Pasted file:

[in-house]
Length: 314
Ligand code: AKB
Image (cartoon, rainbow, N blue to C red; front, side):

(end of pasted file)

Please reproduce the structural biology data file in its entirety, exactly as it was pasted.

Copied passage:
[in-house]
Length: 314
Ligand code: AKB
Image (cartoon, rainbow, N blue to C red; front, side):